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The Maslow Project “Back to School BBQ,” held Tuesday at Alba Park in Medford, was a family event for Ashley Sanders, 11, her 2-week-old sister, Tayler Sanders, and Tayler's aunt, Stephanie Sanders, 19. Ashley and other local students scored free school supplies at the event. - Bob Pennell

Two hundred gather for school supplies

Reggae music, tasty food and free school supplies drew dozens of appreciative families, who braved scorching summer temperatures, to Medford's Alba Park Tuesday afternoon.

Sponsored by the Maslow Project, a nonprofit organization that works with homeless youths, the "Back to School BBQ" provided a three-hour opportunity for kids to stock up for the upcoming school year.

To help struggling families, the Medford School District scaled down its elementary student supply lists this year and standardized them for all 14 grade schools.

The district also asked donors to contribute supplies to the Maslow Project, rather than to specific schools, to make sure supplies went to the neediest students at all campuses.

The Maslow Project targets walk-in homeless students but will also assist low-income students with free school supplies after eligibility is determined over the phone. Director Mary Ferrell said more supplies will be distributed to qualified students Monday, Aug. 30, and Tuesday, Aug. 31, at the First Presbyterian Church of Medford, 85 S. Holly St.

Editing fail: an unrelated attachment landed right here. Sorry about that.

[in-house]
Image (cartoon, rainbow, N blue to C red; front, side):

"We're opening it up to any kid in Jackson County," said Ferrell. "They do need to call to sign up, though."

Ashley Sanders, 11, came early and scored donated notebooks, paper and other school supplies brought in by community churches.

"I didn't get any colored pencils," said Ashley. "But my niece did. I think it was really cool they helped us out like that, especially for the kids that can't afford it."

Chrisanna Wesner's three children, Olivia, 14, Ben, 12, and John, 10, had their hands dipped in the candy bowl at Armadillo Technical Institute, while Wesner chatted with a representative from the Rogue Valley's only public charter school.

"I'm looking at it for my 12-year-old," she said.

Mary Knepp, Maslow's program coordinator, said Tuesday's event drew about 200 people, around 100 fewer than last year.

"But that's OK," said Knepp. "We're providing the school supplies, and our partnering agencies here are helping with information."

Quality Catering provided the free lunches, Costco donated dozens of cookies and Alcyon Massive, Aaron Reed and Matt Wells kept fingers snapping and toes tapping with their funky beat.

Reach reporter Sanne Specht at 541-776-4497 or e-mail sspecht@mailtribune.com.

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